Monday, 2 March 2015

Why conservatism won’t work any more

You, your family and all your closest friends along with all your most valuable possessions are stuck aboard a bus that’s teetering on the edge of a cliff that’s crumbling underneath you as in The Italian Job.

Gravity still works because gravity’s real because science, see? and if the bus falls you will all fall with it to possible death or certainly injury and the risk of drowning or hypothermia if, for example, the cliff overlooks a lake or the sea.

It gets worse.
Your family is divided and not really helping with either a solution or an escape plan. Your children follow various cults that preach the virtues of falling off cliffs on the one hand and the impossibility of falling off the cliff on the other so they aren't about to move to the back of the bus to rebalance it so the back wheels might just gain a bit more traction. They don’t believe in back wheels or care about traction anyway, because Tinkerbell. They watch a lot of Disney.

It couldn't get worse.
At the back bus are noisy passengers who don’t care whether the bus moves at all because they’re happy skinning up and flirting and passing a bottle vodka round. Some of them are unpacking fireworks which are pretty and don’t you believe in a little harmless fun, Dad? The people on the back seats won’t sit still let alone let you into the back to rebalance the bus or help you open the emergency door because they’re having fun telling their friends about their day. #OMG. #I can’t even. Because your wife insisted on buying new loft insulation, a barbecue and a new shower curtain recently and has demanded two foreign holidays per year for the past twenty years you jacked in your karate lesson and the gym subscription so you don’t fancy your chances trying to force the party animals to help or simply get out of the way. And there are a lot of them and anyway your wife and kids think they’re just having a bit of fun; so no harm done.

It gets worse.
Some other passengers are starting to move forward, unbalancing the bus even worse and threatening those still seated; shaking them down for valuables and copping a feel of the girls and maybe roughing up anyone who objects – and you family shouts the objectors down (including you) as killjoys or snobs.

We’re going to need a better word for worse.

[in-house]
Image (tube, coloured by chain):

There’s a mob of strangers outside rocking the bus trying to get in and they’re not only going to add weight and tip it over the edge if they do get in but if you believe what they say (and you’re the only person on the bus who believes them except some pasty-faced old chap cowering near the back) they’re going to take your seat and steal your possessions on the way down and they have plans for your wife and children that don’t involve asking your opinion.

It’s worst.
The driver and conductor of the bus (it’s a very old-fashioned kind of bus so it still has a conductor who doesn't do his job. But anyway)... Oh, right. The driver and the conductor believe that it’s not really such a high cliff and anyway it has a nicer view than the one from the nasty old road they just steered you off onto the harmless cliff. They announce with polite apologies that there’s been a little problem (which they call “an issue” because calling things problems can upset nervous people and nervous people do things that feel unacceptable to bus drivers and all their friends) and that if all the passengers will just hang on and be patient they’ll have the journey going nicely again… if certain passengers will just stop complaining (and especially complaining about the other passengers who are on board like the rest of us whether they bought a ticket or not), and so stop complaining about the crew and the other passengers.

And your plan to survive and fix all this is to insist that the driver engages the hand brake?


Saturday, 10 January 2015

The Nancies of Nancy?

Hey. All of the French political parties except for the one led by most popular Presidential candidate are invited to a National Day of Unity to protest against the Islamic murders by Muslims in France.

Say, what kind of ‘Unity’ doesn’t invite people who oppose the cold-blooded murder of men, women, children, police officers, Jews, and the subjection and mutilation of girls and women anyway?

Picture from here.

Wednesday, 20 August 2014

Another really good reason to say f*ck

Dumb Jon notices the Tory Party bounding like a graceful gazelle from kamikaze attacks on the British nation to hara-kiri as it prepares to eat its own nostril contents on the World Wide Watch.

Can we perhaps step away from the cultural Marxism - ‘cultural Marzxism?’ - of the gay-marriage, Really Believe in Global Warming, Hug-a-Hoodie because the stocks are so uncool maaan Tory Party for a moment? You can’t laugh all day long because someone might notice and cancel your takeaway delivery order of twenty-six 14” thick crust pizzas with everything….

You’ve got to ask yourself just exactly what sort of political i.e. partisan, strategic, public relations reasoning goes on at the party’s highest levels behind this internet-age equivalent of undressing upstairs at night with the lights on and the curtains open.

In what way do the Powder Blues Who Lose imagine that every aspect (real, imagined, speculative, alternative reality and visionary) of this needless persecution will not somehow be plastered across the BBC, the Twitter sphere, the Guardian, the BBC web pages for UK (and for politics), Facebook, the BBC London pages, Channel Four and the BBC gardening and weather sites from now to Election Day?